The Ryobi RP4200 Digital Camera is a semi-compact camera that comes with a convenient carry pouch that can be placed on a standard belt (though not a tool belt). It is quite rugged-looking and has a thin aluminum-styled plate on the rear which surrounds the buttons and LCD screen. There are also aluminum-styled protective plates around the buttons and on the top of the camera. The buttons are oversized and easily activated with gloved hands (we tested this out thoroughly, feeling that a jobsite camera should include this feature lest it demands special treatment). It’s part of the Ryobi Tek4 system of tools. The included 1GB SD card fits easily into the left side of the camera and the entire chamber is sealed with a rubber gasket affixed to the hinged door. This is also the location of the USB connection which can be used to read images from the camera, but cannot be used to charge the battery. Should you ever forget to load the SD card, the camera does include 64MB of internal memory – plenty of room for at least a dozen high-resolution photos.
Ryobi RP4200 Digital Camera Features
There is no viewfinder on the Ryobi RP4200 digital camera, so all pictures will need to rely on the LCD screen. It seemed that this was the likely reason the LCD is of a super-bright intensity with a somewhat oversaturated quality. Vertical off-axis viewing of the LCD screen is poor, so you’ll want to avoid over-the-head shots where you can’t see the LCD screen head-on. When we used this camera for outdoor shots, the results were good, though a tad overexposed. For indoor shots, we felt the flash did an above-average job of lighting the area and it was effective at much larger ranges than you find with most point-and-shoot products. The fact that this camera is waterproof at up to 1 meter means that you won’t have to baby it should you get caught in the rain – another great feature for real-estate agents or those taking jobsite photos year-round.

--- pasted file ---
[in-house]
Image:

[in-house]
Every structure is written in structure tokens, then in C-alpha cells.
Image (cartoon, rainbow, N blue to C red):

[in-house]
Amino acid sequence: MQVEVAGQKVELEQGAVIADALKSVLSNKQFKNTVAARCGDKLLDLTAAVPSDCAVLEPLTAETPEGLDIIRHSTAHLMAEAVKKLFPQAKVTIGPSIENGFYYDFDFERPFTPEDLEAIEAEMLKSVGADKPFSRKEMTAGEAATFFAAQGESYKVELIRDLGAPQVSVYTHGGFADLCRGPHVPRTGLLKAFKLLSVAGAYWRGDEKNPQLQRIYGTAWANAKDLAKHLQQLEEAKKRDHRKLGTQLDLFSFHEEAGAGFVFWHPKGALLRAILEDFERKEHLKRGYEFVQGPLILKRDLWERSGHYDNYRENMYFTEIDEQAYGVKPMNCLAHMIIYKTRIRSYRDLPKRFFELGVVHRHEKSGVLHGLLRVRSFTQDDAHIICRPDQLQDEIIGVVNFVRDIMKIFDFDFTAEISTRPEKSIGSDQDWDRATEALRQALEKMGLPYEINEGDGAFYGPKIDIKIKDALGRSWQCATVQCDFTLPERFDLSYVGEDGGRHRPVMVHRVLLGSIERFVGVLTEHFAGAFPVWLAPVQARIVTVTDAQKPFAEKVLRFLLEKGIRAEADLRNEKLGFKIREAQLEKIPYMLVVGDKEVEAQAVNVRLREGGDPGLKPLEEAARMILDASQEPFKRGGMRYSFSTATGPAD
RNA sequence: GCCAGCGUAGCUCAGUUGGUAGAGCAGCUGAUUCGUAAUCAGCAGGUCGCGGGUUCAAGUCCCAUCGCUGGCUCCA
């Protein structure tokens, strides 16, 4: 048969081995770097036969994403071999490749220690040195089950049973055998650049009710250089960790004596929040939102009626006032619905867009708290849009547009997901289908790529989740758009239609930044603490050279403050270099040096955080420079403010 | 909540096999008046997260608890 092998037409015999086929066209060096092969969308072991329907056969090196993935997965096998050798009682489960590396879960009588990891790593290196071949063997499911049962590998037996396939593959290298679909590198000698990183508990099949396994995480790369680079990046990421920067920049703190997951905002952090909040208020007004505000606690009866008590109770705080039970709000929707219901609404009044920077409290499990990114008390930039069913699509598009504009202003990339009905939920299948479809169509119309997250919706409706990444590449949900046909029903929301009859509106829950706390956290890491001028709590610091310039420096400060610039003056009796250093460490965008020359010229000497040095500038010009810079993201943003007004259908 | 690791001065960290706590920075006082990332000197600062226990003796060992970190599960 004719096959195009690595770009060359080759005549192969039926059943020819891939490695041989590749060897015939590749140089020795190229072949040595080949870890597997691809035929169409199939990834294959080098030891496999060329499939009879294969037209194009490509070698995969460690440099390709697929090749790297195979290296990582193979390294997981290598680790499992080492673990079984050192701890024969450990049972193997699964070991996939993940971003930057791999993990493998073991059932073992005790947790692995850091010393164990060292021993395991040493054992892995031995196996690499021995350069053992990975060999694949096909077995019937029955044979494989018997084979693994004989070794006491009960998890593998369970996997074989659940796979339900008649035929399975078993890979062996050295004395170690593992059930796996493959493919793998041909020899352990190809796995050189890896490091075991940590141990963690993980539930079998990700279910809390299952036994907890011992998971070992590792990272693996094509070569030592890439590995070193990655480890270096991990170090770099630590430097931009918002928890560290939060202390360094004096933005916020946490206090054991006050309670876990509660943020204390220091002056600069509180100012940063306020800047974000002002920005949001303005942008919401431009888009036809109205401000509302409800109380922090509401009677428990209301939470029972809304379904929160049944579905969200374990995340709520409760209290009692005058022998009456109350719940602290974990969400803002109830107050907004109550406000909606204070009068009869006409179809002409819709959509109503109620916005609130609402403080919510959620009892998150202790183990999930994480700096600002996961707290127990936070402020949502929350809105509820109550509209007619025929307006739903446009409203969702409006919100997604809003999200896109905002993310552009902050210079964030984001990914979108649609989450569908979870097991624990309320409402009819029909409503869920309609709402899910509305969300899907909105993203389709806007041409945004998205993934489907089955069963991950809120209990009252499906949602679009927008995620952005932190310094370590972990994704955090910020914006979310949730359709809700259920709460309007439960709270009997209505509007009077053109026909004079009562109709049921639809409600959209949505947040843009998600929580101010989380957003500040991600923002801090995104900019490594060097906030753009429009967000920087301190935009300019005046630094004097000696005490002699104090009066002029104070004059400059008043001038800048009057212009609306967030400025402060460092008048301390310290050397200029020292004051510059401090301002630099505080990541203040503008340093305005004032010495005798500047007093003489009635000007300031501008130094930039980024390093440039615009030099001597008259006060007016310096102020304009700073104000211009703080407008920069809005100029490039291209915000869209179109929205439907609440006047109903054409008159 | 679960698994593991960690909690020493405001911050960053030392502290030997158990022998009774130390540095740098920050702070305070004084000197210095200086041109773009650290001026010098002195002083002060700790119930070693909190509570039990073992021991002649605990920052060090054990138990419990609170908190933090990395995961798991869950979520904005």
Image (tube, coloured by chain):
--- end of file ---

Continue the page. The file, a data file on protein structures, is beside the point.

The menu system on the Ryobi digital camera is easy to use and, while not convenient for on-the-fly use, the camera can be configured for specific white balance and ISO modes. There is a VERY handy time lapse feature that can snap photos in 5 minute, 15 minute, or 1 hour increments. This is more than cool if you are documenting a project or build-out. A self-timer is also available and can be set to 2, 5, or 10-second delay. About the only thing we thought was odd was the nature of the shutter button. It is more or less recessed within a rubber surround. The idea is to prevent it from accidental use; however we felt that it was a tad too difficult to activate – even when you really wanted to take a picture. More than once we found ourselves attempting to crush it with a gloved hand in order to make it function. Taking everything into account, this is an overall excellent product for use by anyone who wants durability in a feature-rich package.